Sponsored by NIC
By Beth Burnham Mace
Location, location, location. Whether its retail, office, industrial or seniors housing, location matters—and it matters a lot. In seniors housing, one size does not fit all. One broad characterization does not apply. Performance varies. Operators matter. Assumptions count…about potential resident demand, about participation by adult children in move-in decisions, about lease-up rates, and about labor availability.
In the year ahead, proformas will be met, but not all the time. Expectations from two years ago may or may not be panning out. Development pipelines may be fuller than planned or may be emptying out. Occupancy rates are near record highs in some locations, at record lows in others. Regardless, NOI pressures continue to mount, as wage growth is pushed higher due to 50-year record low national unemployment rates and as rent growth is often decelerating.
Capital will be available—in active deal-making and as dry powder waiting on the sidelines for distressed deal opportunity. Investor surveys place seniors housing among the top commercial real estate property types for both development and acquisition prospects. Interest from REITs, private equity, institutions and private funds remains keen. While not yet generally considered a core investment, increasingly seniors housing is fitting into core funds, offering diversification as well as steady and consistent income and appreciation returns. And, in a time of rising interest rates, investor attention toward the sector may act as a hedge against upward pressure on cap rates to keep the risk premium at or near today’s levels and valuations more stable.
The integration of the health care and housing for seniors will continue to alter the landscape for both seniors housing operators, developers, and capital providers. The recognition of seniors housing as a lower-cost and efficient service setting will allow operators to bend the nation’s health care cost curve by providing care offerings to their residents that allow them to remain in place healthier and longer with less likelihood for the need to move to a higher-cost and more intense care setting.
And the elderly consumer is morphing. No longer content to simply retire into a setting that provides safety, security and comfort, tomorrow’s seniors housing residents are demanding engagement, enrichment, and connection. Program content for seniors is becoming more “purpose-full,” where volunteerism and making a difference are increasingly part of the daily activity offerings from which residents can choose.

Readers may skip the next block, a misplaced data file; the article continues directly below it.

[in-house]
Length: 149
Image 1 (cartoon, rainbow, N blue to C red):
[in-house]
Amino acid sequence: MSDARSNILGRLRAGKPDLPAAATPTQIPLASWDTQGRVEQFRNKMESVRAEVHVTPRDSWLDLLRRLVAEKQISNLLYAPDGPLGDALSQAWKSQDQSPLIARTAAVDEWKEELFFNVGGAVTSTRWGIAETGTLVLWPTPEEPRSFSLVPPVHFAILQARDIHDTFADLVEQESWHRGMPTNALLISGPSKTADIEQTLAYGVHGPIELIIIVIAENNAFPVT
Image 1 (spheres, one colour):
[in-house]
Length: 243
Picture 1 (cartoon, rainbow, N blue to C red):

And the demand pool of potential residents for seniors housing is growing. First, it is increasing from our nation’s evolving demographics as seniors shift from being part of the Greatest Generation to the Silent Generation and toward the baby boomer generation. Second, the demand pool is increasing as operators begin to serve the burgeoning pool of middle-income seniors.
Property design features are changing too, with distinct dining options, greater access to light, and the repositioning of a single space for multiple purposes. And location—there’s that word again—is being reconsidered too. Two words (well technically, maybe three words) will increasingly be part of the vernacular for seniors housing in 2019: cross-generational interaction and walkability. Increasingly, developers of new seniors housing properties are selecting sites that have high walkability scores, sites that are often on Main and Main, near retail, and fully integrated into a community.
Taken in its entirety, the seniors housing sector will remain an intriguing and compelling—albeit potentially challenging—property type for capital providers and seekers in 2019. And equally important, the seniors housing sector allows these groups to do well by doing good for our elderly population.
Beth Burnham Mace is chief economist and D\director of outreach for National Investment Center for Seniors Housing & Care.
Learn more at www.nic.org.